You are correctly pointing out the potential issues with the rich buying out farmland and staking claim on the produce in poor nations. Just think of the current situation with oil and you can visualize the dangers. However, if done as a crop-sharing deal with short-term leases as you suggest, rather than land sale, farm investments and expertise can help the farmers in South Asia, Africa, East Europe and Latin America become much more productive and acquire wealth in the process.

    And they can feed their countrymen better as well. I believe it can be done without compromising national sovereignty or taking away food from the poor by the rich.

    But the world food and energy crises clearly present opportunities for investors to invest in countries such as Pakistan with plenty of fertile farmland but very low farm productivity. By bringing the farm expertise and enhancing crop yields, agribusiness companies such as Archer-Daniel, Cargill, Bunge, Dow and Monsanto and their international competitors have tremendous opportunities in South Asia. So do companies like Caterpillar, John Deere, Kubota, Hyundai, Mahindra and others in the farm machinery and construction business. While many South Asians may be concerned about the negative impact of big agribusiness on the society and the environment, the over-riding need for efficiency to feed the growing population and international export opportunities will likely trump these concerns.

  3. Umar Shah says:
    September 5th, 2009 4:43 am

    I hope this never materializes. We keep pushing ourselves in a deeper abyss with every passing moment. Someone like the Chief Justice should issue a show cause notice to the rotten PPP govt and stop them from selling out Pakistan like their founder. Will the PPP never stop from harming Pakistan?

  4. Aqil says:
    September 4th, 2009 7:09 pm

    This is a very bad idea. Our first priority should be to ensure that the agricultural output in Pakistan is used to feed our own population and only the surpluss should go out of the country.
    Secondly, as many other commentators here have pointed out, this is going to have disastrous consequences for poverty and the environment.

  5. Fahim says:
    September 4th, 2009 3:51 pm

    This also makes me think of the limited imagination of Pakistanis.
    Is this the best way to make a buck considering global warming and water shortage already happening?

    By the way, whereas, Pakistanis cannot wrap mind around a district government and large city system;even Vietnam now is leaps and bounds ahead…I would bet their FDI exceeds Pakistan’s…
    http://www.thuthiem. hochiminhcity.gov.vn/english/ urbanareadetail.php?cid=6&id= 23
    Thu Thiem New Urban Area Planning Project – a modern civilized city characterized by its river.

    http://www.hochiminhcity.gov. vn/eng

    http://www.hochiminhcity.gov. vn/eng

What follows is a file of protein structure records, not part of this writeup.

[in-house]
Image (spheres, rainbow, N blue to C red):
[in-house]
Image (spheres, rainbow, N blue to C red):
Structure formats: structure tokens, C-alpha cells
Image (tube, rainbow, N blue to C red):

State President urges HCM City, Lam Dong to step up cooperation
    http://www.hochiminhcity.gov. vn/eng
    New HCM City mayor vows to maintain high economic growth
    http://webapps01.un.org/nvp/ frontend!policy.action?id=724
    Belgium’s contribution to urban renewal in Ho Chi Minh City, Viet Nam
    Belgium, 2008

    Meanwhile, Hanoi’s no lesss ambitious:
    http://english.vietnamnet.vn/ reports/2009/08/861679/
    Hanoi super-city plan continues to draw fire
    http://www.lookatvietnam.com/ 2009/05/hanoi-urban-plan-to- divvy-up-city.html
    Hanoi urban plan to divvy up city
    http://www.citiesalliance.org/ events/2004/2004-cds-hanoi/ hanoi-web/files/Session%202/ S2-02-Dao%20Ngoc%20Nghiem% 20docEN.pdf
    URBAN DEVELOPMENT IN VIETNAM
    CITY MANAGEMENT AND DEVELOPMENT
    IN HANOI CAPITAL CITY

  6. Rehan says:
    September 4th, 2009 2:23 pm

    Eidee,

    Slow of me! but finally got it. I will be changing my views based on discussions here and from the info posted in Roshan’s link and the two links I posted below. especially “Seized: The 2008 land grab for food and financial security”

  7. Eidee Man says:
    September 4th, 2009 1:52 pm

    Rehan, I’m afraid I still cannot make heads or tails of your position.

    “Private sector competition potentially can bring huge improvements in the rest of the system.”

    We already have that! The vast majority of farmland is owned and operated by private parties; I am not aware of any farming operation run by the government.

    The point I’ve been trying to make is that competition between land-owners already exists, whether it be small farmers or feudal landlords; if some government research agency does indeed provide valuable guidance which they can use to improve their yields, they will most definitely implement it, simply because it is in their best interest to do so.

    Furthermore, land-owners big and small know that they have to produce a crop not just this year, but for many years thereafter, and for this reason they will automatically ensure that the soil, etc is not completely rid clean of essential nutrients. Why would a lessee concern himself with this issue?

    Also, just yesterday I was surprised to learn that a number Arabs from the Gulf countries do in fact own active farmland in Sindh that is operated by managers who are in some cases enticed with sponsorship of visas, etc.

  8. Rehan says:
    September 4th, 2009 1:01 pm

    This report is worth a read. Great overview of the issue.
    “Seized: The 2008 land grab for food and financial security”
    http://www.grain.org/briefings/?id=212

    Another interesting story: “Outsourcing food production”
    http://www.indiatogether.org/2008/nov/dsh-farmland.htm